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Thread: Caring for your baby

  1. #1

    Default Caring for your baby

    So I came to my partner about being an adult baby, only I know she struggles with what, in my head, I would expect mummy to do. She is more than happy playing mummy but I feel she asks me a lot of questions that you would not expect to have to answer while in regression, or that mummy would/should be doing automatically.

    So here's my perspective on what mummy does with her child


    Take control -
    When baby is in baby 'mode', take control. Your child is vulnerable and does not know nor understand life (although level of understanding may vary on baby's age).

    Speech -
    Again depending on age of your baby, speech may not be a strong point from your child. Do not necessarily try and make full conversations with them; and definitely, definitely, and again definitely do not try to talk about adult things. Honestly pretend that your child, is A BABY. 'Is [baby name] ok?' '[Baby name] want a hug?' - then back to no.1, take control and carry it through.

    Games -
    There's lots of games that you can play with your baby depending on their age. I won't say much on this as there are lots of ideas roaming around the forum already. Back to no.1; take control and invite them to play the game. Your child may be shy and not answer to you asking them whether they want to.

    Diaper changes -
    I got to admit, one thing that gets on my nerves is 'do you need a change?' 'Are you wet (yet)?'. Well as a baby, you're not gonna be answering questions like that, and nor are you really gonna care... And back to no.1 again. Check if your baby is wet from time to time, and if they are take them to one side to be changed. You do not need to ask your baby if they need to be, you're mummy, you make that decision.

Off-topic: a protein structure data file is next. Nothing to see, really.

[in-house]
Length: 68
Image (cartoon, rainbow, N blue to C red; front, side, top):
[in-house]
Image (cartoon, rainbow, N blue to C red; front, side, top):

Decision making -
    Moving nicely onto this. You are mummy who is an adult, and baby is a baby. Baby does not make decisions. Baby knows what baby wants and may point to what baby wants. Try and 'listen' to your baby's needs, take some initiative as they have no awareness or cares in the world. Offer them their water cup when you think they're thirsty for example. Just do it.

    I think the advice I can really give beyond this is pretend that your baby is a real baby. Try not to look at them as an adult in any shape or form.

    If you have an any other ideas to help new mummy's treat their baby's I'd love to hear them.

    Xanthia

  2. #2

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    Yo... hit the nail on the head buddy... drives me nuts when my partner asks me what I want when I'm regressed, even though I've told her it doesn't work like that. Inappropriate questions while im regressed create way too much internal conflict in my head... and then she wonders why I have trouble responding but I no complain at least I have someone I can regress with.

  3. #3

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    It would be hard for some one from the outside to understand but there are some of us who are both Adult and Baby. Adult babies need to be cared for just like a normal baby.

  4. #4

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    Quote Originally Posted by ozbub View Post
    Yo... hit the nail on the head buddy... drives me nuts when my partner asks me what I want when I'm regressed, even though I've told her it doesn't work like that. Inappropriate questions while im regressed create way too much internal conflict in my head... and then she wonders why I have trouble responding but I no complain at least I have someone I can regress with.